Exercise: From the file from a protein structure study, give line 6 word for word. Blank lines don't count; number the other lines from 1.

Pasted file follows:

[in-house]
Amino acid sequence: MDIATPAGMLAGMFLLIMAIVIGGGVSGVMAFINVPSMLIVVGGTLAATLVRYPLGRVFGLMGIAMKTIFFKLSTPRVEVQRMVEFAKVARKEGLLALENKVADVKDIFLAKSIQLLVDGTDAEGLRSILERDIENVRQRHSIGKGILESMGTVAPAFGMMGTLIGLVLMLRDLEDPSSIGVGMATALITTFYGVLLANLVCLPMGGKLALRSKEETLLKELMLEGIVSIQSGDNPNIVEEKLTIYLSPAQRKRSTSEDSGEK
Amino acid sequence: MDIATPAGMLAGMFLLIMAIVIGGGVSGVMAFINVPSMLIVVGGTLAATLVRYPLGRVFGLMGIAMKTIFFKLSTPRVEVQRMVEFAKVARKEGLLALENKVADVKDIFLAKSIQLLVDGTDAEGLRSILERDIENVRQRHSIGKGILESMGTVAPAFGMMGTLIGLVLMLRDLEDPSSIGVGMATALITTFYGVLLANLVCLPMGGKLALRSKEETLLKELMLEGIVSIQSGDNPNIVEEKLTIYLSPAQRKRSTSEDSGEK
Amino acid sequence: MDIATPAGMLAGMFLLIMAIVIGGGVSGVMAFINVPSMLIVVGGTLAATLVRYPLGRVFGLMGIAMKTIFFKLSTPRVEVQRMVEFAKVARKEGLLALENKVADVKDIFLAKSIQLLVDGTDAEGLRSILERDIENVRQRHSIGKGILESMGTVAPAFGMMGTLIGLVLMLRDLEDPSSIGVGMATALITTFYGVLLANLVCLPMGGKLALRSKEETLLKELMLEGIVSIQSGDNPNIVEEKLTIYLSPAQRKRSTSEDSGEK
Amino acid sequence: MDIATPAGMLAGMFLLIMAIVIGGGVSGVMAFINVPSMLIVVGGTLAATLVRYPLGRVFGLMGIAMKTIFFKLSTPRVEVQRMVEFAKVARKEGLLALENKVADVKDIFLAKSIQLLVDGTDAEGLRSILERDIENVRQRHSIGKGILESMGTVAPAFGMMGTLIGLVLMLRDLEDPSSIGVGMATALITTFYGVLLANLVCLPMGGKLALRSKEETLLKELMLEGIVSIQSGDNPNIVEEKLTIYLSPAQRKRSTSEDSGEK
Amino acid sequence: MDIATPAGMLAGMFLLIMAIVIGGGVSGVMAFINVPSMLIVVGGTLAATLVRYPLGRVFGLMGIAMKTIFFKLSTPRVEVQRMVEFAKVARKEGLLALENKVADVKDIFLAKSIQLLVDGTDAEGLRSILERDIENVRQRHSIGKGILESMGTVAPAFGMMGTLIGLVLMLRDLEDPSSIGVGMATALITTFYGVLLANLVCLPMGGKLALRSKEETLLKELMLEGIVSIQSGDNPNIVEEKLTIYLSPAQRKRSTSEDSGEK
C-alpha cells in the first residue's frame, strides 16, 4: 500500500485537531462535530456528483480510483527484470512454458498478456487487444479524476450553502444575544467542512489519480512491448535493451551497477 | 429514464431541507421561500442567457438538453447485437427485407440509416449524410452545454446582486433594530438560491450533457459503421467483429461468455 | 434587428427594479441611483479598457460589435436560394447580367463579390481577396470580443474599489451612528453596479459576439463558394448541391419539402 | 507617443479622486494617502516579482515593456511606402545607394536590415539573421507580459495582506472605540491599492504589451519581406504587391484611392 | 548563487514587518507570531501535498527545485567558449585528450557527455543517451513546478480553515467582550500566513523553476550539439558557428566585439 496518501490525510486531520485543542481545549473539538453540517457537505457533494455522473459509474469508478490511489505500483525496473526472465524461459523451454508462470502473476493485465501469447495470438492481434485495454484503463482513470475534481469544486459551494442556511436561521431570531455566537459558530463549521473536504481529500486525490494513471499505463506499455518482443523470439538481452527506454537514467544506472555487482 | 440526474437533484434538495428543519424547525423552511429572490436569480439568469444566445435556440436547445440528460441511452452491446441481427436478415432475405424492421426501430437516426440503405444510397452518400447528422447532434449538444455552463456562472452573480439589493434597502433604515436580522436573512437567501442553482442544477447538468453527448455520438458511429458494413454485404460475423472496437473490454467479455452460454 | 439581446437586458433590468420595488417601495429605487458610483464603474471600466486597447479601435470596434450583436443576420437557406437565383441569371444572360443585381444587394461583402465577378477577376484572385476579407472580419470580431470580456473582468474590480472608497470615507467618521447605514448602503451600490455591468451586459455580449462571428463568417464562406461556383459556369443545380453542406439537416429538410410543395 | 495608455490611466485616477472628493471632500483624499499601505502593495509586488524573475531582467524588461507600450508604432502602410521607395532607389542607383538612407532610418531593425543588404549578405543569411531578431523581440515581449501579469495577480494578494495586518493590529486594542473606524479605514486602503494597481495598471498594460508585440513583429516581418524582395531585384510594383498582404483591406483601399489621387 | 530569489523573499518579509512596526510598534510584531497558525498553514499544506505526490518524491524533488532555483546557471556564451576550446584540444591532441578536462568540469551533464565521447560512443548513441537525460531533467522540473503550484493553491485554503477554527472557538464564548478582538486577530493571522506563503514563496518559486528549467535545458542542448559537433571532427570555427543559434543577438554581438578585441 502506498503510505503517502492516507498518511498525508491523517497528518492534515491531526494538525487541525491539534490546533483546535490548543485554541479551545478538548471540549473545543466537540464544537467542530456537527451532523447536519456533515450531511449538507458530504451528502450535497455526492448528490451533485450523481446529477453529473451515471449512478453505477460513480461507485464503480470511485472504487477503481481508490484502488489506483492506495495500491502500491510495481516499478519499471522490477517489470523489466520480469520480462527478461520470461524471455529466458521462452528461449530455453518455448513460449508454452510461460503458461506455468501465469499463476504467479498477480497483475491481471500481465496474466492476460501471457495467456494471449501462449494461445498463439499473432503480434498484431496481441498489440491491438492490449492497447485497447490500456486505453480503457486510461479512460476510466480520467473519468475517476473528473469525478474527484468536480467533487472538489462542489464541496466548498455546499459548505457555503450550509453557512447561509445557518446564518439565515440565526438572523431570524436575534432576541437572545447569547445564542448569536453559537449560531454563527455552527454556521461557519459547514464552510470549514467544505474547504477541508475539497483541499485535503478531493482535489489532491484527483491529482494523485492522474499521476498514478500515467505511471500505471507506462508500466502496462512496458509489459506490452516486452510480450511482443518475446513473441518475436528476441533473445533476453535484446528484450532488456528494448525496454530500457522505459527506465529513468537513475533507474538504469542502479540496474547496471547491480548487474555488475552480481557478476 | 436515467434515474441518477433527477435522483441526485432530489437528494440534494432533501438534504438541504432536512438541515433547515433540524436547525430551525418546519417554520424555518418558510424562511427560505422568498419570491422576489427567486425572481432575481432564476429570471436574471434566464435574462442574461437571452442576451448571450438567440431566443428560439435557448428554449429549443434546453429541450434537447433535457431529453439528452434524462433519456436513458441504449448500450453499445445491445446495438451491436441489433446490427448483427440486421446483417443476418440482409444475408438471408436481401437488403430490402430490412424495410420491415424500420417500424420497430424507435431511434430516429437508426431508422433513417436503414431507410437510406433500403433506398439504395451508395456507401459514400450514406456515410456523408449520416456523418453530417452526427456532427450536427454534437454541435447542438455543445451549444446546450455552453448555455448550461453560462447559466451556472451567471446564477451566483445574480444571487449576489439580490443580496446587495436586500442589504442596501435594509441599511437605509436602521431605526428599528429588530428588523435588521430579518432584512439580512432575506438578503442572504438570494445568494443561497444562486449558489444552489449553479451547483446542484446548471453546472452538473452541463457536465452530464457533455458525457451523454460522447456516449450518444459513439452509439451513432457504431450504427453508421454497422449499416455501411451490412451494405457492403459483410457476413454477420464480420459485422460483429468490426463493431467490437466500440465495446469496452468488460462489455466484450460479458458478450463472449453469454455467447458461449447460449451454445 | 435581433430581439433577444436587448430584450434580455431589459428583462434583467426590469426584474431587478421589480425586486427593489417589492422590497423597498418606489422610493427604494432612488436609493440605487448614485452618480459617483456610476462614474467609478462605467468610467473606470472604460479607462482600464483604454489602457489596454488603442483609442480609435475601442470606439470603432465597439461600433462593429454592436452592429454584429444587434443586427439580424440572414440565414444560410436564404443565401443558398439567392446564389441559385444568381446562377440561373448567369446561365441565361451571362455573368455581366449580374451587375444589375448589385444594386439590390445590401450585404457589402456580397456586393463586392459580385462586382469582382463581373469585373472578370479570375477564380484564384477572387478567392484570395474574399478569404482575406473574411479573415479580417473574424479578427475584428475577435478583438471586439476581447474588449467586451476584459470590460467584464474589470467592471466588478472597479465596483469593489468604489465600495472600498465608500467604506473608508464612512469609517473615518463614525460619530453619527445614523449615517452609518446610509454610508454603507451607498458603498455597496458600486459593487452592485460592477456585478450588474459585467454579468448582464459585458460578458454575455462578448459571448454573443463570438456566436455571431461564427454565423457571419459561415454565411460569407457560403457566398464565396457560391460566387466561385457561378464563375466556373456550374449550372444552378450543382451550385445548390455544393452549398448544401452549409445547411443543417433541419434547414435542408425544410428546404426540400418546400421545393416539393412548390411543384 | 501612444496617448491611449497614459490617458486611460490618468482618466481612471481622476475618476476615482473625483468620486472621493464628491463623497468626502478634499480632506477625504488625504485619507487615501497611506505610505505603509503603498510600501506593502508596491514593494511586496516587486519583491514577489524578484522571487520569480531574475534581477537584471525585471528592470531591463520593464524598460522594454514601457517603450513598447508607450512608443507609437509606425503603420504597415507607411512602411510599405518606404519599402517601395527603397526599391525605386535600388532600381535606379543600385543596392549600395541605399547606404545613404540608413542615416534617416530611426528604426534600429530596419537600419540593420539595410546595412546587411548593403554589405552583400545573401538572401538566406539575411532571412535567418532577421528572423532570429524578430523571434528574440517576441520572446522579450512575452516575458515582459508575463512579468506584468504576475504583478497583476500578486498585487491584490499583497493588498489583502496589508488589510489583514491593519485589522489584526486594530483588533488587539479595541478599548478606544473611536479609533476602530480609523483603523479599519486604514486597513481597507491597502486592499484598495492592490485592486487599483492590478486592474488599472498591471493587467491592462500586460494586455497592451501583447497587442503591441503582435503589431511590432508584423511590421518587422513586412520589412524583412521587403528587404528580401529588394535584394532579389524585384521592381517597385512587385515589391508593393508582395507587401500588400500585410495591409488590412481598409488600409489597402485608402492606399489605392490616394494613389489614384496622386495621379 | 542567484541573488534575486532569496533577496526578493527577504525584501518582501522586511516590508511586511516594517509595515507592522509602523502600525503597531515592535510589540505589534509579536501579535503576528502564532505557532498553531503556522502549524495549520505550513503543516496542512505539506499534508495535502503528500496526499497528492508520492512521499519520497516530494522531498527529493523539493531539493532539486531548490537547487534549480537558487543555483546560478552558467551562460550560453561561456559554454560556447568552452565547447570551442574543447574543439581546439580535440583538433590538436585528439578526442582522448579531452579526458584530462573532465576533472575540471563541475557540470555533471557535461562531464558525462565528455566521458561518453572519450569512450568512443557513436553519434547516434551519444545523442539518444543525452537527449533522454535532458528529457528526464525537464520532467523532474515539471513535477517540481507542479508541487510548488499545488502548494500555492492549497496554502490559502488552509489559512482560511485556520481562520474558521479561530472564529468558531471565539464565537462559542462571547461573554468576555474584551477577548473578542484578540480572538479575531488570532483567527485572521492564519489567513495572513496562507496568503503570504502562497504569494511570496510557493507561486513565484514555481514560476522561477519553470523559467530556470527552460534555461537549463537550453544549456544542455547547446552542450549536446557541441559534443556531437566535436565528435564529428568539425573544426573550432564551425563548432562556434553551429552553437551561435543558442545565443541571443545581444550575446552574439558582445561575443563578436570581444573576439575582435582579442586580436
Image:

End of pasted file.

Amino acid sequence: MDIATPAGMLAGMFLLIMAIVIGGGVSGVMAFINVPSMLIVVGGTLAATLVRYPLGRVFGLMGIAMKTIFFKLSTPRVEVQRMVEFAKVARKEGLLALENKVADVKDIFLAKSIQLLVDGTDAEGLRSILERDIENVRQRHSIGKGILESMGTVAPAFGMMGTLIGLVLMLRDLEDPSSIGVGMATALITTFYGVLLANLVCLPMGGKLALRSKEETLLKELMLEGIVSIQSGDNPNIVEEKLTIYLSPAQRKRSTSEDSGEK